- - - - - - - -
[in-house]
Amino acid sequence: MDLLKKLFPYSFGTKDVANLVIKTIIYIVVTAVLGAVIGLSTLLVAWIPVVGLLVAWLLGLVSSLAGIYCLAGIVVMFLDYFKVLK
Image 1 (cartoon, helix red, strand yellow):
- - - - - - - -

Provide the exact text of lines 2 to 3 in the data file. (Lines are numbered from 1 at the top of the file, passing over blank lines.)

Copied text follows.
Amino acid sequence: MDLLKKLFPYSFGTKDVANLVIKTIIYIVVTAVLGAVIGLSTLLVAWIPVVGLLVAWLLGLVSSLAGIYCLAGIVVMFLDYFKVLK
Image 1 (cartoon, helix red, strand yellow):